The Trump administration knows that a key source of US economic leverage is the dollar’s role as the world’s dominant reserve currency. Countering America’s disproportionate power to destabilize the global economy thus requires reducing the share of international trade conducted in dollars.
The recent State of the Union speech by Jean-Claude Juncker sparked a discussion about the potential wider use of the euro on the international stage. Historically, it is not the first debate of this kind. Emmanuel Mourlon-Druol analyses four previous cases of debates on international currencies to reveal the different scenarios associated with their greater use, as well as the need to have a clear objective for a currency’s internationalisation.
The 2019 European elections promise to be a watershed moment for the EU. A recent Bruegel paper made the case for restructuring the Union’s model of governance and integration. The authors of this post critically assess this proposed institutional engineering, and argue for the principle of “an ever closer union” to be safeguarded by a bottom-up approach to respond to the common needs of the citizens.
The Italian government has announced an increase of its deficit for 2019, breaking the commitment from the previous government to decrease it to 0.8% next year. This blog post explores the options for the European Commission and the procedures prescribed by the European fiscal framework in this case.
As the moment of truth for Brexit negotiations is approaching, with the October European Council around the corner, we review opinions on the outcome and meaning of the Salzburg summit.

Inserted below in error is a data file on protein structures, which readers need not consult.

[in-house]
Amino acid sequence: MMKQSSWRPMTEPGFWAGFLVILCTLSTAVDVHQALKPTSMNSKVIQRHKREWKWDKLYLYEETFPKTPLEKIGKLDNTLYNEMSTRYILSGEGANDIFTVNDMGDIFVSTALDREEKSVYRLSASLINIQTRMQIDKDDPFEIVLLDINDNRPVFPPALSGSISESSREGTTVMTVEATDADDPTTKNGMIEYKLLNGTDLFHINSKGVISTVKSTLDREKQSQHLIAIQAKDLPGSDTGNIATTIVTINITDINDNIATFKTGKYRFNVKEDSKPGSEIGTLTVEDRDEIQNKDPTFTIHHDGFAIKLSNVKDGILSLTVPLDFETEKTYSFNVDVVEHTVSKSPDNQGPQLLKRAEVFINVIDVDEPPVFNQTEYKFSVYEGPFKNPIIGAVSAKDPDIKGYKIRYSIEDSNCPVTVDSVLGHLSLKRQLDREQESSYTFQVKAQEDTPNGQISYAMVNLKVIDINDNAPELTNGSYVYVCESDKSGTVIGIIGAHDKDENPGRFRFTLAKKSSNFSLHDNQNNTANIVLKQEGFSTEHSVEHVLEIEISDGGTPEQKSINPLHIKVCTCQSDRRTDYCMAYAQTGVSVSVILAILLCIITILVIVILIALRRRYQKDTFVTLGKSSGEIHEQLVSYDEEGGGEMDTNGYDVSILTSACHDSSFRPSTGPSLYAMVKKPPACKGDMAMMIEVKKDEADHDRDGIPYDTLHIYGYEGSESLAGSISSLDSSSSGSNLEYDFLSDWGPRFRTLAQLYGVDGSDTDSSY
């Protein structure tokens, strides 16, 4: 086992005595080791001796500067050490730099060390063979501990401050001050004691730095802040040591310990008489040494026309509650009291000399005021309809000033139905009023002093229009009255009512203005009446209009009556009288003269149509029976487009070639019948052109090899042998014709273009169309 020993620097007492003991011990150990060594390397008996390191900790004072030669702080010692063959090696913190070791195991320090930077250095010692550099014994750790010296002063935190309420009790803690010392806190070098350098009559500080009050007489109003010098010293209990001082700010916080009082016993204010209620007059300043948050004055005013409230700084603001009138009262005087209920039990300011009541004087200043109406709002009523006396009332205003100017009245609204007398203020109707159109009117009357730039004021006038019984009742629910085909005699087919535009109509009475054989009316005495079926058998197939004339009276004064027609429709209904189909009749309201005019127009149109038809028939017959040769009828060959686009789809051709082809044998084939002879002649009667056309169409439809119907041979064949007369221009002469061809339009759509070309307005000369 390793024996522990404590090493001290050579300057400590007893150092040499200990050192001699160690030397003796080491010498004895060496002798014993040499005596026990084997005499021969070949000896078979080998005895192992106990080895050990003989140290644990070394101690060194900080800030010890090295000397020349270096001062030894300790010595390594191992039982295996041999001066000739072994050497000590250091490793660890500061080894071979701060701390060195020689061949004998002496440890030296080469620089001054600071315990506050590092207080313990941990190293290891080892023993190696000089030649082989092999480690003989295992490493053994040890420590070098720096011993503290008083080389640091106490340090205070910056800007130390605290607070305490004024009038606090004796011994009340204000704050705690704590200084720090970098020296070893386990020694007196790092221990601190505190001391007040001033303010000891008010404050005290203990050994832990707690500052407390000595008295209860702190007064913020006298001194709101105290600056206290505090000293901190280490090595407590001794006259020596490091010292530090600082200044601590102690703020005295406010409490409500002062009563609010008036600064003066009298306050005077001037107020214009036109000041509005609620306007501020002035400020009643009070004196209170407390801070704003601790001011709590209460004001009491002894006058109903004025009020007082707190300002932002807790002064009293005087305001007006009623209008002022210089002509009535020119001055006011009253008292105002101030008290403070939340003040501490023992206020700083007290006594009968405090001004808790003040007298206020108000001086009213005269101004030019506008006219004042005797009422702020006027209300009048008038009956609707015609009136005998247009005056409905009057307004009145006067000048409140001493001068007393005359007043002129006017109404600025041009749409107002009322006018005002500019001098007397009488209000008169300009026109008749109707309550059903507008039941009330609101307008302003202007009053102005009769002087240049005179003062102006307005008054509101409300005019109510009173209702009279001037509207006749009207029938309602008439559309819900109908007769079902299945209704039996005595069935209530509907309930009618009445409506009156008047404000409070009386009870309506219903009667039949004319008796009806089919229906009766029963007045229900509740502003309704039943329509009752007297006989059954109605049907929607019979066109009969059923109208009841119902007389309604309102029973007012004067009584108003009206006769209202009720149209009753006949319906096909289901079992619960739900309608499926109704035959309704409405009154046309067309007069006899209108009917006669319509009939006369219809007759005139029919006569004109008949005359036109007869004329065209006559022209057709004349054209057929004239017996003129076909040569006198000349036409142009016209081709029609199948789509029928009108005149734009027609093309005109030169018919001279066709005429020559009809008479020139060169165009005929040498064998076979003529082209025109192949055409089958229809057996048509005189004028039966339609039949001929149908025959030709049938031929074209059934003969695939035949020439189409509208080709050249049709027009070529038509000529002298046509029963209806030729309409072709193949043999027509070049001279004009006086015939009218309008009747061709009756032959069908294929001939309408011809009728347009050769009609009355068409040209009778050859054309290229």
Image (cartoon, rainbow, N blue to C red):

Guntram Wolff welcomes Bruegel affiliate fellow Silvia Merler to evaluate the Italian government’s planned budget for 2019, in this Director’s Cut of ‘The Sound of Economics’
In this Policy Contribution prepared for the European Parliament’s Committee on Economic and Monetary Affairs (ECON) as an input to the Monetary Dialogue, the authors clarify what excess liquidity is and argue that it is not a good indicator of whether banks’ have more incentives in risk-taking and look at indicators that might signal that bank lending in the euro area creates undue risks.
“It is absurd that Europe pays for 80% of its energy import bill – worth €300 billion a year – in US dollars when only roughly 2% of our energy imports come from the United States,” said President Juncker in his state of the union speech.* Europe’s largest supplier of energy – Russia, who accounts for a third of that bill – couldn’t agree more. Russia’s offer to switch to euros in trade with the EU will likely be costly to implement, but the US switch towards unilateralism is forcing its long-standing partners to question the dollar’s global dominance.
Bruegel senior fellow Scott Marcus welcomes former European Regulators Group chairman Kip Meek to explore the consequences of Brexit for ICT policy-making in Europe.
Testimony before the European Parliament's Committee on Industry, Research and Energy (ITRE).
Have prices moved in the direction of correcting real exchange rate misalignments everywhere in the euro area in recent years? Not between the largest euro-area economies, i.e. France, Germany and Italy, says evidence from the Big Mac index. However, latest trends may be working in the right direction in these countries too.
Proposals for reforming the euro area back on the agenda. An overhaul of the European fiscal rules should be on high on this agenda, because the current fiscal framework has not worked well. This column proposes substituting the numerous and complex present rules with a new, simple rule focused on limiting annual growth rate of expenditures.